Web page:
How to Become a Design Visionary Without Really Trying
I recently received an announcement for what may be an interesting design conference, except it roused my suspicion with the claim: “A celebration of multidisciplinary design innovation starring 22 of the world's most remarkable design visionaries who are changing the way we see the world.” I bristle when I hear words like “visionary.” Who ordained them as Design Visionaries? Is this one of those hyperbolic claims like when the TV weatherman, Dr. Forecaster, boasts a bogus PhD in meteorology?
Retro-future illustration from Russian magazine Teknika Molodezhi (source).
Let's ask ourselves: What is a Design Visionary? Where does one fit on the design hierarchy? Is it below Design Genius and above Design Thinker? Where is it situated in relation to your run-of-the-mill Designer? Is a Design Visionary a few steps above? And how do you become one? Is there a qualifying exam similar to the Eagle Scouts? Can you be voted into the “DV” club? Can you aspire to be a Design Visionary? Or must you be born to the role? Is there a statute of limitations? Can you be a DV your entire life—even if nothing visionary comes to pass? Or is there a periodic Design Visionary evaluation?
I'm pretty sure that none of the individuals honored with the Design Visionary honorific call themselves Design Visionaries (or do they?). It is usually the organizer or master of ceremonies that makes such claims. But just in case one is looking for Design Visionary status (and wants to put the initials DV on their business card), below is a handy little checklist to become a bona fide visionary.
12 Ways to Become a Design Visionary
Make at least one design breakthrough every two years (that's not too much to ask). Breakthroughs might include, on a sliding scale, everything from developing a new typographic language for the post-digital future to a sustainable alternative to Post-its to a theory on how to monetize creativity.
Write a design manifesto with enough bullet points so that design teachers can assign a different poster to at least ten undergraduates at a time that typographically and pictorially illustrate each point.
Answer the “what is the future of design?” question without referencing a new computer operating system, program or app.
Design at least one novel product that enables designers to design better design that will make the world a better place—iPad apps are acceptable.
Never use in a lecture, essay or conversation about design the terms “design innovation” and “bandwidth” (in any context, even a derisive one).
Get invited to a conference, congress or gathering that is not organized by design organizations. The Economic Summit at Davos is acceptable, but a little old hat. A real visionary should be invited by an emerging nation or NGO that caters to emerging visionaries.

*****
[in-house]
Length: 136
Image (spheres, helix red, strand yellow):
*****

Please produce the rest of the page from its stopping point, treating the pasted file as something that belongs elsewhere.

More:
Mentor not one but three future visionaries, who must, during the course of being mentored, make a minor breakthrough that will be recognized by the design and mainstream press.
Publish at least one book (not self-published through Blurb or Lulu) that condenses all your beliefs and wisdom into a collection of visual aphorisms that are at once witty and profound, and use neutral typefaces to avoid being identified with any style that could be deemed trendy.
Turn down all offers to speak at conferences, congresses or gatherings (other than the one noted above) unless your payment is referred to as a “fee” and not “honorarium,” signifying you are receiving a significant rate.
State categorically that you no longer make things, because making things is no longer innovative, and designers make too many things anyway. Then six months later end your moratorium by declaring that making things is “what designers do.”
Do not associate with other design visionaries (even if they are old friends), lest you be considered part of a clique. A design visionary must be independent and above the fray.
Take a year or two off from being a visionary, and give others a chance. You can always return—it's like riding a bicycle.
About the Author: Steven Heller, co-chair of the Designer as Author MFA and co-founder of the MFA in Design Criticism at School of Visual Arts, is the author of Merz to Emigre and Beyond: Avant Garde Magazine Design of the Twentieth Century (Phaidon Press), Iron Fists: Branding the Totalitarian State (Phaidon Press) and most recently Design Disasters: Great Designers, Fabulous Failure, and Lessons Learned (Allworth Press). He is also the co-author of New Vintage Type (Thames & Hudson), Becoming a Digital Designer (John Wiley & Co.), Teaching Motion Design (Allworth Press) and more. www.hellerbooks.com